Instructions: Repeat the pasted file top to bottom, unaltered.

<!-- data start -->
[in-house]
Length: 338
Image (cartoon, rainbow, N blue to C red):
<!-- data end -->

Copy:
[in-house]
Length: 338
Image (cartoon, rainbow, N blue to C red):